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Hosting a Blind Wine Tasting in Your Home- Italian Style
Theme Suggestions, Wine Suggestions, The Big Reveal
Whether you are a wine novice or a serious wine collector, tasting competition events are fun and instructive. Why not host a wine tasting party in your home? Wine professionals always advise new wine enthusiasts to increase their own “Sensory Rolodex©” by sampling as many new wines as possible. Wine professionals also suggest active note-taking to prevent recall problems. “Can you imagine remembering everything about a wine after tasting 100 of them like wine judges everywhere must do?” This is question I’m asked after judging. Answer: No, take notes. Thank you to Bob and Erin Botsford for hosting “Find the Region in Italy” blind tasting.
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Tips for Hosting a Successful Blind Wine Tasting Event – Italian Style
Tip 1: Select a Tasting Event Theme – Guessing the Wine or Region?
Start with a Wine Folly map. Will you do a blind tasting and set up a competition for the guests to match a concealed bottle to a given winemakers’ notes by name or region? Used numbered bottle bags to conceal the bottles. Will you do a vertical tasting of different vintages of the same wine? Or, simply, will you provide a tasting flight of multiple varietals, vintages, and winemakers to satisfy many types of wine drinkers? Know your guests and decide the most intriguing format. Two suggested formats:
* Have winemaker notes – guess the wine from a column of choices and match.
*Pick the wine region- give tasters the winemaker notes and grapes; let them select the region.
*Promote competition and have a prize for the most correct answers. Prepare for a tie-breaker.
Tip #2 – Blind Tasting Bottle Disguises - Guest “Guess” Sheets – An Answer Key
Have wrappers or bags available to hide the wine label for a blind tasting format. Make sure the bottles are hidden before the event begins. Number the bottles. If you are chilling the wine, make sure the bags are water and ice-proof. Provide a handouts for guests for scoring. In one column have the style or wine or grapes used, another column for tasting notes, a blank column for the answer, and a final column for ranking and wine price guess. Have guests match their answer with a bottle number. If using a map, circle more than the possible regions as possible answers. Tell guests if a region can be used more than once. For example, often the Veneto and Tuscany regions might be represented by more than one wine in a tasting. Don’t forget to make yourself an Answer Key!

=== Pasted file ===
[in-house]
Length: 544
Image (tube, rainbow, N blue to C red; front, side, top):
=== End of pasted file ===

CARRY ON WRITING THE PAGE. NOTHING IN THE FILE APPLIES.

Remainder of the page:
Tip # 3 Provide Wine Friendly Finger Foods
Offer wine-friendly foods such as cheeses, meats, bruschetta, and pizza. Consider asking guests to provide the appetizers.
Tip #4 Use Measured Stoppers
Utilize measured bottle stoppers so guests can sample an ounce of wine. There are about 20-24 1 ounce tastings per bottle. Measured stoppers can be found at wine supply stores or online. Otherwise instruct guests to pour small quantities or you will find that your Super Tuscan, Barolo, or Brunello will be consumed before others have a chance to sample.
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Tip # 5 Set a Tasting Time Limit –
I suggest two hours for the wine tasting. Guests’ palates will get tired after that point. Have wine disposal buckets available for the “spitters” or “dumpers” who want to simply sample, but not drink the wines.
Tip #6 – Have a “Big Reveal” at Party’s End
Have an end-of-event “Reveal” of the correct wine names. Dramatically cut off the bag and ribbon to reveal each hidden wine. Ask the crowd if they correctly identified it. I utilize a powerpoint and Apple TV viewing for my larger tastings.
Tip #7 A Prize for the Best Taster
Be festive and give a prize for the most accurate taster. A bottle of your favorite wine might be the most appropriate prize. Have a tiebreaker ready. I often have a question about wine that I have covered in the presentation to be answered correctly. Or select a wine and see who has guessed the closest to the price, much like Price is Right.
Tip # 8 Linger Over the Wines and Add Dessert
Conclude the event with desserts and dessert wine. Remember that the dessert wine should always be sweeter than the dessert – to keep a wine from tasting flat or sour. I suggest a dessert wine like a Vin Santo or a Brachetto d’Acqui, especially with Italian desserts like cannoli and tiramisu. Finally, let guests linger over all the opened wines.
Annual tasting parties can be matched to an occasion, holiday, or a season. Tastings are memorable, popular events. Consider a wine tasting party following fall wine harvest season, pre-Thanksgiving, or as a salute to vintage release dates in the spring.
Be sure to remind your guests that wine sensory detection is a practice sport, so practice often. Cheers!
Some Wine Recommendations
Suggested Sparking Wines
Wilfred Wong of Wine.com, 90 Points
Suggested Wine Wines
Robert Parker, 91 Points
James Suckling, 92 Points.
James Suckling, 92 Points
Suggested Italian Rosé
2021 Planeta Rose, Sicily, Italy, $19
Wilfred Wong of Wine.com, 91 Points
Suggested Italian Red Wines
Paolo Scavino Barolo 2017, Piedmont, Italy $56
Robert Parker, 93 Points
Wine Spectator, 90 Points
Wine Spectator, 93 Points
2019 Antinori Villa Toscana, Tuscany, Italy, $18
Wine Spectator, 90 Points
Suggested dessert wines to serve:
2021 Marenco Brachetto d’Acqui Pineto, Piedmont, Italy, $20
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